Legislation that would allow prosecutors to seek to vacate convictions they no longer have faith in passed the House of Delegates Thursday after being amended in committee to limit its scope.
House Bill 874 was designed in part to address an issue in Baltimore: State’s Attorney Marilyn J. Mosby’s office is attempting to vacate hundreds of convictions that relied heavily on testimony from corrupt Gun Trace Task Force officers.
Mosby told House and Senate committees last month that some judges are denying joint motions to vacate filed by the state and the Maryland Office of the Public Defender because the judges do not think the law allows the relief.
Supporters, including Prince George’s County State’s Attorney Aisha Braveboy and Maryland Public Defender Paul B. DeWolfe, said the bill is not just a Baltimore issue but rather provides all prosecutors a tool to act with integrity and fairness.
The amended bill allows the state to move to vacate a conviction or a probation before judgment when newly discovered evidence “creates a substantial or significant possibility that the result would have been different” or when the state can present information that either justifies vacating “in the interest of justice and fairness” or that otherwise calls into question the integrity of a conviction.
The House approved the bill by a 98-41 vote Thursday evening without any debate on the floor.
The cross-file, Senate Bill 676, is sponsored by Sen. Chris West, R-Baltimore County. It had not received a committee vote as of Friday.
“We are pleased that HB 874 passed the House and are hopeful that the Senate Judicial Proceedings Committee will follow suit, bringing us one step closer to fully passing this much-needed legislation, which would give prosecutors all over the state another essential tool to proactively pursue justice on all fronts,” a spokeswoman for Mosby’s office said Friday.
In committee hearings, some legislators asked why the tool was necessary when other tools are available to undo a conviction. Mosby and others said existing remedies are insufficient in cases such as the GTTF-related convictions, which involve testimony from officers later found to have engaged in widespread criminal conduct.
Sponsor Del. Erek Barron, D-Prince George’s, said Friday the main point of the bill is to provide prosecutors with a mechanism for cases such as the GTTF-related convictions.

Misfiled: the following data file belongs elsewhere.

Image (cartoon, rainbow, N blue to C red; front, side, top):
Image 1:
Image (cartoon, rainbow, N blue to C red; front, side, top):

“I’m always cautiously optimistic, but this is really just fixing a glaring hole, at this point, in the ability to correct wrongful convictions,” he said.
The original bill was broader and addressed another Mosby initiative: an attempt to vacate thousands of convictions for possession of marijuana. The Maryland State’s Attorneys’ Association opposed the original bill, but after it was amended in both committees to remove provisions regarding marijuana and paraphernalia convictions, the association expressed support.
Despite the amendment, the House bill was opposed by Republican members of the Judiciary Committee and appears to have been voted out of the House on party lines. A vote count was not available online Friday.
Del. Susan K. McComas, R-Harford, said the general concern from her fellow Republicans on the committee was that the bill is not necessary because a solution exists in the current law, including courts’ revisory power to grant new trials as allowed by the Maryland Rules.
“I’ve gotten the impression from several folks … that it was really not necessary,” she said of the bill. “We’re just putting one more major burden on the system and I think that maybe we could have looked at more ways to do this.”
McComas said she would like more information about the post-conviction options being explored and the impact of the law change.
Wayne A. Hartman, R-Wicomico and Worcester, said he spoke with the elected state’s attorneys in his jurisdiction, who, he said, did not think the tool was necessary and were concerned about potentially uneven applications among jurisdictions creating inequities.
“I understand the need coming out of Baltimore City … but I have concerns about the state’s attorney there not having the desire to enforce other state laws and expanding the reach of this,” he said, referring to Mosby’s announcement that her office would no longer prosecute marijuana possession cases.
Barron said he thinks there may be a misunderstanding about what the bill does. Noting the Senate bill’s Republican sponsor, he called the bill a bipartisan effort.
“It’s a bipartisan bill,” Barron said. “I think there’s just a misunderstanding in the midst of a very busy voting session.”